Science Doesn’t Sleep (7.31.08)

Countdown clock of Beijing 2008
Creative Commons License photo credit: Gene Zhang

So here’s what went down since you logged off.

2,100 years ago, the ancient Greeks used an astronomical calculator to set the date of the Olympic Games.

Well, they were looking for human remains…Puerto Rican police found bones and possible artifacts from a colonial-era ship.

George Jetson, here we come – NASA is offering $300,000 to the first person who develops a Personal Air Vehicle. And – it’s got to be green.

How can you tell your pants are really fancy? They tell you whether you might fall soon.

The Chronicle has a new evolution blogEvo.Sphere.

It has absolutely nothing to do with science (well, he did teach computer tech) but if you haven’t seen Randy Pauch’s The Last Lecture – you really should.

***UPDATE: Science won’t be sleeping next week, but I will be. Vacation! Have no fear, though – we’ve got lots of other very cool posts planned for all of next week, so please check back – and as always, leave us a comment to let us know what you think. SDS returns Aug. 11.

Science Doesn’t Sleep (7.21.08)

Lime
No, not that kind of lime.
Creative Commons License photo credit: Phillie Casablanca

So here’s what went down after you logged off.

The Olympics have been taken over by…the BLOB!

It’s hurricane season, and you know what that means – we’ve got one headed for us.

Adding lime to seawater could reduce atmospheric levels of CO2. It will not, however, make a very good margarita.

Archaeologists in Egypt will reassemble a boat built to ferry the pharoah into the afterlife.

Researchers at the University of Illinois have developed artificial whiskers that can sense their environment.

Science Doesn’t Sleep (7.17.08)

Clownfish!
Creative Commons License photo credit: watercolors08

So here’s what went down after you logged off.

National Geographic has beautiful photos of the Abrolhos Reef, off the coast of Brazil – which scientists have recently discovered is twice as large as previously thought.

Molecular hula hoops: very tiny fun!

The Maker Faire is coming to Austin. According to the organizers, it’s “a newfangled fair that brings together science, art, craft and engineering plus green, food and music in a fun, energized, and exciting public forum.” Will you enter? Tell us what you’re making!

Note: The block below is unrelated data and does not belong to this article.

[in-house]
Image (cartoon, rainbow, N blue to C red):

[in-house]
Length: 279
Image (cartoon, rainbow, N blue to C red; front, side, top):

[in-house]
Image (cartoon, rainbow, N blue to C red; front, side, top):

Ohhh…I see. When you said “lucky” what you really meant was “carcinogenic.”

Stephen Hobley plays a harp made of lasers - that also functions as a controller for Guitar Hero. Best of all – you can build one, too! (Love Guitar Hero – but not DIY enough to make your own laser version? Check out Rockfest in the Grand Hall this Saturday.)

SciGuy‘s got a list of Houston’s most generous science philanthropists - it’s a chronicle not just of their generosity, but also the cutting-edge science facilities we have here in Houston. He’s posting them one at a time, so check back.

AquaJellies!

Science Doesn’t Sleep (4.30.08)

Home Cinema Sunday. Popcorn Sunday.
Creative Commons License photo credit: kozumel

So here’s what went down since you logged off.

I think I’ll go with the Raisinettes next time. A new study shows a higher incidence of lung disease among popcorn-factory workers.  

An Australian geologist has found a rare meteorite impact crater - using Google Earth. What can you find?

Pro athletes already seem superhuman – what happens if they start being genetically engineered? SciGuy has an interesting take on whether genetics are the steroids of the future.

 Did you catch the Messenger this month? If not, the Sydney Observatory has a great photo post about the changing brightness of Mars.

Hurry up, Jr. – your bald eagle stew is getting cold! The best way to save an endangered species might be to get people to eat it.